I’ve written more on this topic at the article The Stock Price Matters, Regardless.  Within a certain range, the market capitalization of a company is arbitrary.  Outside the range of reasonableness, financial forces take over to push the valuation to be more in line with the fundamentals of the company.

Macro Stock Market Measures

Every now and then, someone comes along and suggests a new way to value the stock market as a whole.  I’ve run across the idea that the stock market is driven by the money supply before.  The last time I saw someone propose that was in the late 1980s.  I think people were dissuaded from the idea because money supply changes in the short run did not correlate that well with the movements in stock indexes over the next 25 years.

Now, in the long run, most sufficiently broad macroeconomic variables will correlate with levels of the stock market.  Buffett likes to cite GDP as his favorite measure.  It’s hard to imagine how over the long haul the stock market wouldn’t be correlated with GDP growth.  (Why do I hear someone invoking Kalecki in the background?  Begone! 😉 )

There are other popular measures that get trotted out as well, like the Q-ratio, which compares the stock market to its replacement cost, or the Shiller Cyclically Adjusted P/E ratio [CAPE]. All of these have their merits, but none of them really capture what drives the markets perfectly.  After all:, various market players note that the market varies considerably with respect to each measure, and they try to use them to time the market.

The best measure I have run into is a little more complicated, but boils down to estimating the amount that Americans have invested in the stock market as a fraction of their total net worth.  You can find more on it here. (Credit @Jesse_Livermore)  Even that can be used to try to time the market, and it is very good, but not perfect.

But in short, the reason why any of the macro measures of the market don’t move in lockstep with the market is that market economies are dynamic.  For short periods of time, our attention can fixate on one item or group of items.  In my lifetime, I can think of periods where we focused on:

  • Monetary aggregates
  • Inflation
  • Unemployment
  • Housing prices
  • Commercial Mortgage defaults
  • Japan
  • China
  • High interest rates
  • Low interest rates
  • Bank solvency

Profit margins rise and fall.  Credit spreads rise and fall.  Interest rates rise and fall.  Sectors of the economy go in and out of favor.  The boom/bust cycle never gets repealed, and economists that think they can do so eventually get embarrassed.

That’s what keeps this game interesting on a macro level.  You can’t tell what the true limits are for market valuation.  We can have guesses, but they are subject to considerable error.  It is best to be conservative in our judgments here, in order to maintain a margin of safety, realizing that we will look a little foolish when the market runs too hot, and when we seem to be catching a falling knife in the bear phase of the market.  Take that as my best advice on what is otherwise a cloudy topic, and thanks for asking — you made me think.

One of the constants in investing is that average investors show up late to the party or to the crisis.  Unlike many gatherings where it may be cool to be fashionably late, in investing it tends to mean you earn less and lose more, which is definitely not cool.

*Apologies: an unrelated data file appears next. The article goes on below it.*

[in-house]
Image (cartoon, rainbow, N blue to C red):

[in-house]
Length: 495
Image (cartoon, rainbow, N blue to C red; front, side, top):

One reason why this happens is that information gets distributed in lumps.  We don’t notice things in real time, partly because we’re not paying attention to the small changes that are happening.  But after enough time passes, a few people notice a trend.  After a while longer, still more people notice the trend, and it might get mentioned in some special purpose publications, blogs, etc.  More time elapses and it becomes a topic of conversation, and articles make it into the broad financial press.  The final phase is when general interest magazines put it onto the cover, and get rich quick articles and books point at how great fortunes have been made, and you can do it too!

That slow dissemination and gathering of information is paralleled by a similar flow of money, and just as the audience gets wider, the flow of money gets bigger.  As the flow of money in or out gets bigger, prices tend to overshoot fair value, leaving those who arrived last with subpar returns.

There is another aspect to this, and that stems from the way that people commonly evaluate managers.  We use past returns as a prologue to what is assumed to be still greater returns in the future.  This not only applies to retail investors but also many institutional investors.  Somme institutional investors will balk at this conclusion, but my experience in talking with institutional investors has been that though they look at many of the right forward looking indicators of manager quality, almost none of them will hire a manager that has the right people, process, etc., and has below average returns relative to peers or indexes.  (This also happens with hedge funds… there is nothing special in fund analysis there.)

For the retail crowd it is worse, because most investors look at past returns when evaluating managers.  Much as Morningstar is trying to do the right thing, and have forward looking analyst ratings (gold, silver, bronze, neutral and negative), yet much of the investing public will not touch a fund unless it has four or five stars from Morningstar, which is a backward looking rating.  This not only applies to individuals, but also committees that choose funds for defined contribution plans.  If they don’t choose the funds with four or five stars, they get complaints, or participants don’t use the funds.

Another Exercise in Dollar-Weighted Returns